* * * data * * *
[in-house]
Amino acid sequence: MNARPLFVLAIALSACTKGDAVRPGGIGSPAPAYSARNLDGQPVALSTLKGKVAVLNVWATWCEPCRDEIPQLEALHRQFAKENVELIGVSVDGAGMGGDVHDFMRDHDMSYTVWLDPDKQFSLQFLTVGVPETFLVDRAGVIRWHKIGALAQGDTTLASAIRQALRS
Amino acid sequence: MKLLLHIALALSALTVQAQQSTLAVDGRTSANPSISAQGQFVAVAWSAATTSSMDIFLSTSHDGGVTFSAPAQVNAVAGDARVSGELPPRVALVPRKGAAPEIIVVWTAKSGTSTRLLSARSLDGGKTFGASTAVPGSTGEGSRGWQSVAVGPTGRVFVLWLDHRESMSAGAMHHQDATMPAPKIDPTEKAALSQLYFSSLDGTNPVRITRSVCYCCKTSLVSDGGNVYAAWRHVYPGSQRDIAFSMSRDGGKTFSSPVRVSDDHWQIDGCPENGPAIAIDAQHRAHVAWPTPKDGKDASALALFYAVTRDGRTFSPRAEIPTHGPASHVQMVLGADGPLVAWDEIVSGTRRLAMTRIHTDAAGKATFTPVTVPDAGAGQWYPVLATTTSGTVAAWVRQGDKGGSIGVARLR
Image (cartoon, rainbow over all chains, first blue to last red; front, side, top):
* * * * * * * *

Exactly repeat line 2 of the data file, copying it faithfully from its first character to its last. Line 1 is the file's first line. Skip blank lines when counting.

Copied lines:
Amino acid sequence: MNARPLFVLAIALSACTKGDAVRPGGIGSPAPAYSARNLDGQPVALSTLKGKVAVLNVWATWCEPCRDEIPQLEALHRQFAKENVELIGVSVDGAGMGGDVHDFMRDHDMSYTVWLDPDKQFSLQFLTVGVPETFLVDRAGVIRWHKIGALAQGDTTLASAIRQALRS